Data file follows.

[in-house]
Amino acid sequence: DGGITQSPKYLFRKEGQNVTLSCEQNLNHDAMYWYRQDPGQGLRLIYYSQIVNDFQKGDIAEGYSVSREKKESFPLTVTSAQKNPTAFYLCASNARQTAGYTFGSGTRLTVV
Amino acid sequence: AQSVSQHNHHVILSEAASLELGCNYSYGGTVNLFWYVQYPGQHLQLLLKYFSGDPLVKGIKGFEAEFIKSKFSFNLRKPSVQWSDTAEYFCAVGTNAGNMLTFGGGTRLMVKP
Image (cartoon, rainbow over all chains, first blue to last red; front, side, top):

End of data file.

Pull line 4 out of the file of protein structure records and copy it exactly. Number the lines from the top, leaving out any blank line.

Image (cartoon, rainbow over all chains, first blue to last red; front, side, top):